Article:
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SMALL BUSINESSES AND JOB DISCRIMINATION

SMALL BUSINESSES AND JOB DISCRIMINATION

Number of Employees

The federal Equal Employment Opportunity Commission (EEOC) is responsible for enforcing the most widely applicable federal laws that prohibit discrimination in employment. The smallest of businesses are not subject to most of these statutes. Title I of the Americans with Disabilities Act (ADA), which prohibits employment discrimination against qualified individuals with disabilities, applies only to employers with 15 or more employees.

The same is true for Title VII of the Civil Rights Act of 1964 (Title VII), which prohibits job discrimination based on race, color, religion, sex, and national origin. The threshold for coverage under the Age Discrimination in Employment Act (ADEA) is 20 or more employees. The Equal Pay Act, which is intended to prevent wage discrimination between men and women in substantially equal jobs in the same establishment, applies to most employers with at least one employee.

In calculating the number of employees for purposes of coverage of these statutes, all employees are counted, including part‑time and temporary workers. Independent contractors are not included, but the distinction between such workers and employees is often difficult to draw without the advice of legal counsel. Situated between the businesses so small as to be excluded from coverage and the Fortune 500 are thousands of small businesses to which the EEOC‑enforced laws apply.

Procedures

Anyone believing that his or her employment rights have been violated because of the types of discrimination covered by the federal laws, or because of retaliation for opposing job discrimination, filing a charge, or participating in proceedings under those laws, may file a charge of discrimination with the EEOC. In most states, the charge must be filed within 300 days of the date of the alleged discrimination. The EEOC will notify the employer within 10 days of receiving a charge.

If a charge is eligible, the EEOC will give the parties an opportunity to take part in voluntary, confidential ­mediation to reach mutually agreeable solutions. If all parties agree to participate, neutral mediators will work with them to that end. In the event that mediation is unsuccessful, the charge is referred for investigation by the EEOC.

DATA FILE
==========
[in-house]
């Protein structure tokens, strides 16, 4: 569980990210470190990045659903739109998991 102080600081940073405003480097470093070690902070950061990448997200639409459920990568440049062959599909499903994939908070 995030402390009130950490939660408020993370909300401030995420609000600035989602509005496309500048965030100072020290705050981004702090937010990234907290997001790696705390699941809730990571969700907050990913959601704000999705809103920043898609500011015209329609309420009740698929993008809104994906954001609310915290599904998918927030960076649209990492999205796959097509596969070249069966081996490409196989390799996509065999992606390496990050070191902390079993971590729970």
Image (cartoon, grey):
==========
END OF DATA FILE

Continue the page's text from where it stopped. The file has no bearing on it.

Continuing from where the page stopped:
An EEOC investigation may involve a responsive statement from the employer, the collection of documents by the EEOC, and visits and interviews by EEOC personnel. If the EEOC ultimately dismisses a charge, the charging party is notified and has 90 days to file a lawsuit. A finding by the EEOC of reasonable cause to believe that discrimination has occurred will lead to an invitation to the parties to enter into conciliation discussions. If they fail, the EEOC and/or the charging party may bring suit.

 

Discriminatory Practices

The range of discriminatory practices prohibited by EEOC‑enforced laws is much broader than just hiring and firing. If a prohibited discriminatory motive is the root cause of the decision or action taken, an employer can be held liable in such areas as compensation, assignments, transfers, promotions, layoffs and recalls, testing, and fringe benefits. The reach of these laws is also extended by catchall language prohibiting discrimination in all “terms and conditions” of employment.

Some forms of discrimination are peculiar to a particular statute. For example, unless the requirement is necessary for conducting business, a rule requiring that employees speak only English at work may constitute national origin discrimination in violation of Title VII. An employer’s failure to reasonably accommodate an applicant or employee is not pertinent to all of the discrimination laws, but it may create liability when the charge is discrimination based on religious beliefs or disability. Workplace harassment can be the subject of proceedings under any of the laws, but in practice it is most commonly asserted by women as a form of sex discrimination under Title VII.

 

Remedies

An employer found to have discriminated against an individual could be ordered to eliminate its discriminatory practices. It could also be required to take certain positive actions to redress the discrimination, such as hiring, increasing compensation, promoting, and reinstating an employee who was wrongfully terminated. Monetary remedies can take various forms, depending on the statute, including back pay and prejudgment interest, liqui­dated damages, and compensatory damages for noneconomic injuries such as emotional distress. In Title VII and ADA cases in which the employer has acted with reckless disregard for an individual’s federally protected rights, punitive damages may be awarded. The sum of punitive damages and compensatory damages (not including back pay), per person, may not exceed maximum amounts that increase with the employer’s number of employees.

Updates

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